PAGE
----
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    After celebrating 20 years Genesis looks forward to next decade

    At Genesis, which turned 20 this year, we are dedicating our next decade to the future of young Africans. These young people, measuring around 500 million over time, will build their lives in a hyper-technological world whilst managing the impact of climate change. 


    Africa needs state-supported funding vehicles to sponsor business

    Despite their generally weakened financial positions, several African governments are once again flirting with the idea of establishing dedicated SME banks. But is creating dedicated ‘banks’ for SMEs the right strategy?


    Action plan to regenerate SA's rust belt on the Vaal

    On behalf of the CEOs’ Initiative, Standard Bank asked Genesis Analytics to prepare a joint Action Plan to bring business and government together to address the decline of the Vaal Region and prevent it from becoming the “rust belt” of South Africa. Last week, the CEO Initiative delivered the report and regeneration action plan to President Cyril Ramaphosa and the Minister of Finance, Tito Mboweni. 


    Can mVisa tip the scale of retail payments back in favour of banks?

    When a market has adopted a payment standard, a huge marketing effort is required to shift consumer behaviour. Can mVisa tip the scale of retail payments back in favour of Kenyan banks? Genesis associate Tom Magara looks at the experience of mVisa.


    Competition Amendment Bill moves on to National Assembly

    The Portfolio Committee for Economic Development approved further amendments to the SA Competition Amendment Bill this week. Our Competition and Regulatory Economics practice has participated closely in the debates over the Bill. The Bill will now be placed before the National Assembly for a vote before heading to the National Council of Provinces.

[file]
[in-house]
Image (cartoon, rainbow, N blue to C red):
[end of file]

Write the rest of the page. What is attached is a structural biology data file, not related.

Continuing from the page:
Our current development work grows as Genesis celebrates 20 years

    In the next 20 years, the number of people aged 15-24 in sub-Saharan Africa will increase by a 100 million. Genesis works in many of the critical areas in which the prospects for this generation of young people will be determined, including health, agriculture, communications, financial services and youth economic empowerment. This newsletter presents some of our current work. 


    MERL Tech tackles technology and 4th industrial revolution in Jozi

    MERL Tech, which has been successful in London and DC, came to Jozi for the first time. Its purpose was to bring together development practitioners at the intersection of M&E and technology to share and learn how we can, together, tackle the fourth industrial revolution and use technology to do our jobs better.


    The digital divide cuts rural poor off from fintech revolution

    Richard Ketley asks whether in all the hype about fintech we have lost track of the importance of finding ways to support mobile network operators to establish the infrastructure required for mobile money and to encourage regulators to balance the reward for investment in mobile money while preventing excessive pricing. 


    Proposals to avoid negative consequences of Competition Bill

    Genesis has proposed a number of changes to the economic provisions in the SA Competition Amendment Bill to avoid the potentially large negative unintended consequences of the current Bill, while still achieving the objective of assisting SMEs and firms owned/controlled by historically disadvantaged persons to participate in the economy. 


    Cash is likely to stay with South Africans for a long time

    Much has been written about the growth of the cashless economy, but new product innovations are giving South African consumers fewer and fewer reasons to open or maintain a bank account. Cash, it seems, is making a comeback.


    Wastewater re-use can improve water Sustainability and Security

    Rapid urbanisation and industrial growth are exacerbating demand for water but also generating increased volumes of wastewater/effluent that can be re-used by industry. 


    Giving SA youth the digital confidence for 4th industrial revolution

    Digital technology is transforming economies and the world of work in profound ways. Traditional jobs are being transformed while new forms of work are being created. But is South Africa preparing young people to find employment in the fourth industrial revolution?

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